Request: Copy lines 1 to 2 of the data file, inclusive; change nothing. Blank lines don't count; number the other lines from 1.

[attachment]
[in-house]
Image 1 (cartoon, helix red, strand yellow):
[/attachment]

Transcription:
[in-house]
Image 1 (cartoon, helix red, strand yellow):